Yeah. Hillcrest is something you might actually consider somewhat of a hybrid. They are a traditional physical church with respect to architecture. A mixed service, however, where they kind of straddle that line between traditional and contemporary in that they have full choir, soloists, organ/piano, along with some instrumentation, but not necessarily modern contemporary. They’re still very much a Southern Baptist-esque church, but they’ve kind of mixed in the modern string instruments, percussion and others. [Timestamp: 2:30]

 

I think they had a sound system upgrade as well as a lighting addition for you to do. Maybe the lighting was the more recent one. What sort of lighting setup did they already have? It sounds like when you came in there it was sort of a battle of the stained glass windows.

 

Yes. This is a very interesting church, and most listeners in this industry are probably well familiar with the 70’s or 80’s vintage glulam beam peaked roof, traditional church layout. And in this facility they actually have some very large stained glass windows in the rear of the church that actually face the worst cardinal direction possible where they get light both morning and night. And certain time of year, when that light comes in just right, it basically cascades the entire sanctuary with blue and green stained glass coloration. As you can imagine in a traditional dark wood church with lighter fabrics or wall colors, those colors really begin to stand out, and in the worst case scenario, those colors actually encroach on the platform area. So it really adds an odd hue to the room that when video recording really skews the coloration for what the viewer sees. [Timestamp: 3:42]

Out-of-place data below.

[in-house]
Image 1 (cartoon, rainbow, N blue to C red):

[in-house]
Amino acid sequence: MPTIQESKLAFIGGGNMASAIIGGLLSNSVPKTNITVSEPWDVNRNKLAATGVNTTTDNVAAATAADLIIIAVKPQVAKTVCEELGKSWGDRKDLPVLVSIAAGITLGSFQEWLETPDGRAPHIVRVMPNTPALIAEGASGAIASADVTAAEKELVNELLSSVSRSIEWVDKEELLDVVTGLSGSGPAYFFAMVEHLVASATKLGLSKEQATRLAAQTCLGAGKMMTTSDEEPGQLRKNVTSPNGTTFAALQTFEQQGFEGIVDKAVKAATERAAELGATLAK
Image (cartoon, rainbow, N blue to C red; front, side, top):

Well that must have been a potentially tricky thing to come in on because the light coming in from outside through those stained glass windows has got to be constantly changing as the day goes on.